object-merge

Merges JavaScript objects recursively without altering the objects merged.

npm install object-merge
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object-merge

Merges JavaScript objects recursively without altering the objects merged.

Installation

npm install object-merge

https://npmjs.org/package/object-merge Source code available at: https://github.com/matthewkastor/object-merge/

Usage

In Node:

var objectMerge = require('object-merge');
var x = {
    a : 'a',
    b : 'b',
    c : {
        d : 'd',
        e : 'e',
        f : {
            g : 'g'
        }
    }
};
var y = {
    a : '`a',
    b : '`b',
    c : {
        d : '`d'
    }
};
var z = {
    a : {
        b : '``b'
    },
    fun : function foo () {
        return 'foo';
    },
    aps : Array.prototype.slice
};
var out = objectMerge(x, y, z);
// out.a will be {
//         b : '``b'
//     }
// out.b will be '`b'
// out.c will be {
//         d : '`d',
//         e : 'e',
//         f : {
//             g : 'g'
//         }
//     }
// out.fun will be a clone of z.fun
// out.aps will be equal to z.aps

Merging arrays is not the same as concat. When they're merged the arrays are handled as objects. This means that indexes are object properties with numeric names. Merging ['a'] with ['b'] will give you ['b'] because the two arrays both have a property 0 and the last one in overrides the first. However, merging arr1['a', 'b'] with arr2[1] = 'override' will give you ['a', 'override'] because arr1 has properties 0 and 1, while arr2 only has the property 1 which overrides arr1[1] in the output.

Merging functions will cause the output function to be a clone of the last function merged and it will have all the properties of the merged functions recursively merged together. So something like:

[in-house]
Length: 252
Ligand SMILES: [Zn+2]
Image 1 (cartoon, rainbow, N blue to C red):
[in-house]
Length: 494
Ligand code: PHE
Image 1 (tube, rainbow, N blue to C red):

var func = function () {
    return null;
};
var func2 = function () {
    return 'hello';
};
func.wohoo = 'wohoo';
func.obj = {a:'a'};
func2.wee = 'wee';
func2.obj = {b:'b'};
func2.obj2 = {a:'a'};
var out = objectMerge(func, func2);

will give you a function out that is a clone of func2's function definition but has the properties: wohoo, obj, wee, and obj2. out.obj will have the properties a and b because the properties of func and func2 are merged recursively.

Options

Options exist to do things like limit the depth of object traversal and disable errors on detection of circular references. In order to specify the options you must create an options object using the provided method createOptions, a normal object just won't work.

var objectMerge = require('object-merge');
var a = {
    'a1' : {
        'a2' : {
            'a3' : {}
        }
    }
};
var b = {
    'b1' : {
        'b2' : {
            'b3' : {}
        }
    }
};
var opts = objectMerge.createOptions({depth : 2});
var res = objectMerge(opts, a, b);
// res will be
// {
//     'a1' : {
//         'a2' : {}
//     },
//     'b1' : {
//         'b2' : {}
//     }
// }

See the tests in browser/tests for more examples and expected outputs.

In the browser, include ./browser/object-merge_web.js in your page. objectMerge will be available in your page.

For full documentation see the docs folder.

Tests

Tests can be run from the root of this package with

npm test

There are also browser tests available in the browser directory.

Hacking

There are several other scripts listed in package.json for development and hacking on this module. They can be run with npm run-script followed by the scripts property corresponding to the script you want to run. For example, given a script called buildDocs, it could be run from the package root by:

npm run-script buildDocs

Author

Matthew Kastor matthewkastor@gmail.com https://plus.google.com/100898583798552211130

License

gpl-3.0 http://www.gnu.org/licenses/gpl-3.0-standalone.html

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